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Stedman and Hutchinson, comps. A Library of American Literature:
An Anthology in Eleven Volumes. 1891.
Vols. IX–XI: Literature of the Republic, Part IV., 1861–1889

My Landlady’s Nose

By Alexander Wilson (1766–1813)

[The Poems, etc., etc. 1876.]

O’ER the evils of life ’tis a folly to fret,—

Despondence and grief never lessened them yet;

Then a fig for the world,—let it come as it goes,

I’ll sing to the praise of my landlady’s nose.

My landlady’s nose is in noble condition,

For longitude, latitude, shape, and position;

’T is as round as a horn, and as red as a rose;

Success to the hulk of my landlady’s nose!

To jewellers’ shops let your ladies repair,

For trinkets and knick-knacks to give them an air,

Here living carbuncles, a score of them glows

On the big massy sides of my landlady’s nose.

Old Patrick M’Dougherty, when on the fuddle,

Pulls out a cigar, and looks up to her noddle;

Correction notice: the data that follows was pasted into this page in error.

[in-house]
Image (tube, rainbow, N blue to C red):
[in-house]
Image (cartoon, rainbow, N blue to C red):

For Dougherty swears, when he swigs a good dose,

By Marjory’s firebrand, my landlady’s nose.

Ye wishy-wash buttermilk drinkers so cold,

Come here, and the virtues of brandy behold;

Here’s red burning Ætna; a mountain of snows

Would roll down in streams from my landlady’s nose.

Each cavern profound of this snuff-loving snout

Is furnished within, sir, as well as without;

O’er the brown upper lip such a cordial flows—

O the cordial brown drops of my landlady’s nose!

But, gods! when this trunk, with an uplifted arm,

She grasps in the dish-clout to blow an alarm,

Horns, trumpets, conches, are but screaming of crows,

To the loud thundering twang of my landlady’s nose.

My landlady’s nose unto me is a treasure,

A care-killing nostrum, a fountain of pleasure;

If I want for a laugh to discard all my woes,

I only look up to my landlady’s nose.